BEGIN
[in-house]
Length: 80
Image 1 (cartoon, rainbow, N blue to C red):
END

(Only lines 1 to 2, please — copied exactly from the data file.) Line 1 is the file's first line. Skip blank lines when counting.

[in-house]
Length: 80